Group Files Complaint Against UT Over Race-Conscious Admissions

AUSTIN,
Texas
A legal group that
fights against racial preferences in schools and workplaces has filed a
complaint with the U.S. Department of Education about the University of Texas
at Austin’s use of race in its undergraduate admissions process.

The
complaint filed Friday by the Washington-based Project on Fair Representation
accuses the university of violating a law that bars discrimination by
government agencies that receive federal funds.

About 70
percent of UT-Austin freshmen from Texas are automatically accepted under a
state law that guarantees top students a spot at the public university of their
choice. The rest of the class is selected through a holistic review process
that considers many factors, including the applicant’s race.

Edward Blum,
the group’s director, says that practice “is illegal, to say nothing of being
unfair and polarizing.”

“The U.S.
Department of Education needs to end this practice before the next round of
freshman applications is submitted,” he said in a statement.

Patti
Ohlendorf, UT-Austin’s vice president for legal affairs, says the university
will cooperate with the Education Department if it opens an investigation into
the complaint. But she says the school is confident that its policies are in
line with recent U.S. Supreme Court decisions about race-based admissions
decisions.

Education
Department spokesman Jim Bradshaw said he could not comment on the complaint
because no one in the department had seen it yet. The department’s civil rights
office receives about 5,000 discrimination complaints a year, he said.

The
automatic admissions law was adopted a decade ago, after a 5th U.S. Circuit
Court of Appeals decision made affirmative action illegal in Texas college
admissions. In 2003, the U.S. Supreme Court reversed that decision, allowing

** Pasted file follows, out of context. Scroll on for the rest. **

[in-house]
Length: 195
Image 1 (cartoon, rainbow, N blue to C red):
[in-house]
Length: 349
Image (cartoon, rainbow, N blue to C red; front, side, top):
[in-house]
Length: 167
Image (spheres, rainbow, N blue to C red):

universities to use race as one of many decision-making factors.

Blum argues
that the Supreme Court’s ruling required universities to make a good-faith
effort to improve diversity using race-neutral policies before resorting to
racial preferences. He says the top 10 percent law is effective enough to block
UT-Austin from using race-based admissions policies.

He says his
group may file a lawsuit if the department doesn’t make the university reverse
course.

A record
number of Black and Hispanic
students were enrolled at UT-Austin last fall, but UT officials have said they
don’t know whether the increase stemmed from the top 10 percent law or from
recruiting efforts aimed at predominantly Black and Hispanic high schools.

Hispanic students made up 15
percent of the student body, while Black students accounted for nearly 4
percent. White students accounted for 57 percent of the student body, while 14
percent were Asian. The rest of the students were American Indian, foreign or
did not report their ethnicity.

Despite the
progress, UT’s student body does not come close to mirroring the state
population. According to the Texas State Data Center, 48 percent of Texans are
White, 36 percent are Hispanic,
11 percent are Black and 5 percent are some other race.

– Associated Press

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